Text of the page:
“Artists and Code” presented by Giannis


Session Title:

  • Education and Creative Industries - Software Literacy and the Creative Industries

Presentation Title:

  • Artists and Code




  • I am undertaking research to investigate examples of best practice for the teaching of software and hardware skills to students in the creative industries. I have been exploring this in my classes during the last 10 years or so with digital media and visual art students. The teaching of coding has become a somewhat topical area given the recent introduction of coding to Australian primary and secondary school curricula, and the emphasis on STEM to STEAM*). Most of this discussion revolves around how to improve engagement with STEM and I (and others) argue, and now there is evidence to support this that engagement can be facilitated by tapping into students’ creativity.
    Whilst there are many examples and anecdotal evidence of student engagement in STEM through art, there is limited evidence of art students engaging with STEM. The art science nexus is pertinent and organisations such as the Australian Network for Art & Technology in Australia, the Art and Technology Program of the Los Angeles County Museum of Art, (1967-1971) and NYU’s ITP Masters program have made great contributions in bridging this divide. I am arguing that it is imperative that there is engagement with these technologies, in particular software, given its pervasiveness, otherwise we limit any form of resistance against the society of control. Fuller’s field of software studies is pertinent. Lovink also argues that in order to challenge the society of control we need to break down the barriers between the humanities and hard sciences so that there can be some form of critical engagement with the hard sciences. How can we encourage artists to be part of this discussion? If we accept that artists play a critical role in society then there needs to be engagement with these technologies, and learning to code could be a starting point. I know that there are many artists already doing this, and many art courses do have elements of coding in their courses, but these tend to be exceptions driven by progressive teachers and artists.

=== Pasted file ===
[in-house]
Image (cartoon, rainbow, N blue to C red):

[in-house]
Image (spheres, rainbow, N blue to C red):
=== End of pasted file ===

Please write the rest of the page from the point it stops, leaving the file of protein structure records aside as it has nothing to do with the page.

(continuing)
*) STEM to STEAM is a movement to include the arts and design into science based programs so that innovation is influenced by the humanities. See, for example: damnmagazine.net/2019/11/06/from-stem-to-steam-future-of-tech-is-art

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